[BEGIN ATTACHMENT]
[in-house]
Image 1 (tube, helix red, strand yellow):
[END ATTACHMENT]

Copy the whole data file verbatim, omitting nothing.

[in-house]
Image 1 (tube, helix red, strand yellow):